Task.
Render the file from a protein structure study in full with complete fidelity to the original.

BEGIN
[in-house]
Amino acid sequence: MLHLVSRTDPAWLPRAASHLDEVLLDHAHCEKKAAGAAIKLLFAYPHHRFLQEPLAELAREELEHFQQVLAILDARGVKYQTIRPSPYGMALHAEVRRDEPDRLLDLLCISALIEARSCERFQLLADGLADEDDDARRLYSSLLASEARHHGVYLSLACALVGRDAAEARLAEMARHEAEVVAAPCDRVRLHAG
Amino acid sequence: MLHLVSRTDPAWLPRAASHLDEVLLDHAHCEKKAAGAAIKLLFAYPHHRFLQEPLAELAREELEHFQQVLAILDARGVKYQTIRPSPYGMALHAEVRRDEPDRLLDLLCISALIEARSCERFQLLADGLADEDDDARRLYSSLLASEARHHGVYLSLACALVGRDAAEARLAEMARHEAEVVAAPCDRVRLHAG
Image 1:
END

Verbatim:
[in-house]
Amino acid sequence: MLHLVSRTDPAWLPRAASHLDEVLLDHAHCEKKAAGAAIKLLFAYPHHRFLQEPLAELAREELEHFQQVLAILDARGVKYQTIRPSPYGMALHAEVRRDEPDRLLDLLCISALIEARSCERFQLLADGLADEDDDARRLYSSLLASEARHHGVYLSLACALVGRDAAEARLAEMARHEAEVVAAPCDRVRLHAG
Amino acid sequence: MLHLVSRTDPAWLPRAASHLDEVLLDHAHCEKKAAGAAIKLLFAYPHHRFLQEPLAELAREELEHFQQVLAILDARGVKYQTIRPSPYGMALHAEVRRDEPDRLLDLLCISALIEARSCERFQLLADGLADEDDDARRLYSSLLASEARHHGVYLSLACALVGRDAAEARLAEMARHEAEVVAAPCDRVRLHAG
Image 1: